This Sunday, the green flag waves to start the GP of St. Petersburg and the 2016 Verizon IndyCar Series season. In the first half of Motorsport.com’s preview, David Malsher explains the changes since this time last year.
After six and a half months of deprivation, this weekend IndyCar fans finally get the chance to see their favorite racers in action on St. Petersburg’s 1.8-mile runway/street course in Clearwater, Fla.
On Wednesday, we’ll study the form guide of all the teams competing; now we look at the off-season’s significant changes.
Revised aero kits
There was an expectation that Chevrolet’s and Honda’s aero kits would converge in spec after their first year, particularly given HPD’s opportunity to rework more areas.
Notable by their absence this year are Honda’s armadillo-like front wing elements from 2015’s road/street/short-oval kits; the HPD front wings now look remarkably like those found on the Chevrolet kits. Honda has also adopted a narrower and more curvaceous sidepod profile when viewed from above, again emulating the Chevy shape.
But for those who want a point of identity, the two kits are instantly distinguishable in side profile, with the Honda version retaining the elongated and angular blade on the engine cover, while Chevy keeps the gentle curve, albeit with a shallow fin along its length.
America’s latest Formula 1 pilot Alexander Rossi has signed a one-year deal with Andretti Herta Autosport, which is the name of the fourth Andretti Autosport entry, following Bryan Herta’s late deal to merge his team with that of Michael Andretti.
It is believed that Chip Ganassi Racing has several million reasons to run Max Chilton in the #8 entry this year and Chip had always been upfront about that; if he found the money, then yes, he’d enter four cars again. When insurance firm Gallagher & Co. stepped forward to sponsor the car, the deal was done.
Dale Coyne Racing earned the goodwill of IndyCar Nation by hiring Conor Daly for 2016. And thanks to not starting more than eight IndyCar races, nor competing in more than four in one season, the Noblesville, Ind. native has a chance to gun for Rookie of the Year honors.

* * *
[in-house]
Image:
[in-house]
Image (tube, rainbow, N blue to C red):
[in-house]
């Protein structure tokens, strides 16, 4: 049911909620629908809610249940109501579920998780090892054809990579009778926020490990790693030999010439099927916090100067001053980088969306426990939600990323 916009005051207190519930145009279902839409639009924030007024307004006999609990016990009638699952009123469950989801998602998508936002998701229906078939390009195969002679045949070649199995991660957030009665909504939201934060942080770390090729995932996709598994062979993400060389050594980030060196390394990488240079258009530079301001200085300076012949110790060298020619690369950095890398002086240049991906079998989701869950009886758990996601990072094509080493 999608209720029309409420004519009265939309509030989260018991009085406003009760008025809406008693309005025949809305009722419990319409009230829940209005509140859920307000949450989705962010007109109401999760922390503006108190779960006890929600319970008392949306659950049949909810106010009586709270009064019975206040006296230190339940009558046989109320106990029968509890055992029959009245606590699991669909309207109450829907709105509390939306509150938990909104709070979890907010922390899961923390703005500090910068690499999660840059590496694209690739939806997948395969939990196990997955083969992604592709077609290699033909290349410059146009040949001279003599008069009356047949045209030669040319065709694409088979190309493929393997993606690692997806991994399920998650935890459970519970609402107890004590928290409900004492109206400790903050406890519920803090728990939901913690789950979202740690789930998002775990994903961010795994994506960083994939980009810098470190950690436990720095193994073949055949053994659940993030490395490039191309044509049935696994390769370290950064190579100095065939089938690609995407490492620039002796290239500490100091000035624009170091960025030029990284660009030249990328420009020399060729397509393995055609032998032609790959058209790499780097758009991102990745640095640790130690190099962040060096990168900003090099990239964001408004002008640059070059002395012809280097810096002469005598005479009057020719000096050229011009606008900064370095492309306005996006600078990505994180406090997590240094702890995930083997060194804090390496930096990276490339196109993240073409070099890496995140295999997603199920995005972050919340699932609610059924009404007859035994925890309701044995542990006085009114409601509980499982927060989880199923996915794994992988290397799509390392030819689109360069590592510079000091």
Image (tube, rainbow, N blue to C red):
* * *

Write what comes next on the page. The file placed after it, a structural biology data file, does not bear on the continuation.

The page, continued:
Aside from the new arrivals mentioned above, the lineups at Ganassi and Andretti have remained as they were, and Team Penske has retained all four of its 2015 drivers. Beyond the aces, however, there has been plenty shuffling of the deck.
KVSH Racing has elected to go with just one full-time entry for Sebastien Bourdais, but the four-time Champ Car title-winner will be joined by Matt Brabham for GP of Indy and the Indy 500, under the PIRTEK Team Murray banner. Rahal Letterman Lanigan Racing will also run just one full-time car (for Graham Rahal) but Spencer Pigot will pilot a second RLLR entry this weekend, as well as for GP Indy and the “500”, as part of his prize for winning last year’s Indy Lights title.
The Carpenter Fisher Hartman Racing partnership dissolved after just a year, with Sarah Fisher and Wink Hartman now gone to attend to other business, and so the Ed Carpenter Racing title has re-emerged. So far Ed doesn’t have anyone to drive the #20 on road and street course races, and so it is set to appear in just the five oval races in the hands of the team boss, alongside the team’s full-time entry, piloted by the ever-more impressive Josef Newgarden.
Carpenter’s former road-course ringer, Luca Filippi is due to embark on his first full season in IndyCar with Dale Coyne Racing, while Schmidt Peterson Motorsport has a new/old look to it: James Hinchcliffe returns to the #5 car after his monstrous shunt and injury at Indy last year, while Mikhail Aleshin, who shone for Sam in 2014 and made a cameo appearance at Sonoma last year, is back for good.
There is currently no place on the grid for the fast but unruly Stefano Coletti; nine-time IndyCar race winner Ryan Briscoe, who will pilot a Ganassi Ford GT this season; Tristan Vautier, who signed with AKKA Racing to race in the Blancpain GT series; Sebastian Saavedra, who did a decent job in his four races with Ganassi last year; Simona de Silvestro, who is racing for Andretti Autosport in Formula E; JR Hildebrand, whose talent is sadly going to waste right now; and, of course, 2014 Indy Lights champ Gabby Chaves, who lost his ride with Herta when BHA merged with Andretti.